Products containing neomycin sulfate may cause cutaneous sensitization. Sensitivity to topically administered aminoglycosides, such as neomycin, may occur in some patients. Severity of hypersensitivity reactions may vary from local effects to generalized reactions such as erythema, itching, urticaria, skin rash, anaphylaxis, anaphylactoid reactions, or bullous reactions. If hypersensitivity develops during use of the product, treatment should be discontinued. Cross-hypersensitivity to other aminoglycosides can occur, and the possibility that patients who become sensitized to topical neomycin may also be sensitive to other topical and/or systemic aminoglycosides should be considered.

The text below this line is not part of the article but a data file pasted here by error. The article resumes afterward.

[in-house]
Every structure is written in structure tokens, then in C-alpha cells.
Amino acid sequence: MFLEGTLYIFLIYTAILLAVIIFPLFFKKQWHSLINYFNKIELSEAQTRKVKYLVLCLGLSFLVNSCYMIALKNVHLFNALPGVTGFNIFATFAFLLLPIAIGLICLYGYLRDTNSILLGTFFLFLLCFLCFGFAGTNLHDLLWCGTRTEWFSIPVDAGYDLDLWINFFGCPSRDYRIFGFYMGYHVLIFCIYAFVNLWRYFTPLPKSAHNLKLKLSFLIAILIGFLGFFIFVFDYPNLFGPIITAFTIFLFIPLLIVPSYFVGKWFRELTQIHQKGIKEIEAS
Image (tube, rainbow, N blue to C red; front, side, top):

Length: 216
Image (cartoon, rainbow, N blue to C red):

The initial prescription and renewal of the medication order beyond 20 mL of neomycin and polymyxin B sulfates and dexamethasone ophthalmic suspension should be made by a physician only after examination of the patient with the aid of magnification, such as slit lamp biomicroscopy, and where appropriate, fluorescein staining. If signs and symptoms fail to improve after two days, the patient should be reevaluated.
As fungal infections of the cornea are particularly prone to develop coincidentally with long-term corticosteroid applications, fungal invasion should be suspected in any persistent corneal ulceration where a corticosteroid has been used or is in use. Fungal cultures should be taken when appropriate.
If this product is used for 10 days or longer, IOP should be monitored (see WARNINGS).
Prolonged use of topical anti-bacterial agents may give rise to overgrowth of nonsusceptible organisms including fungi.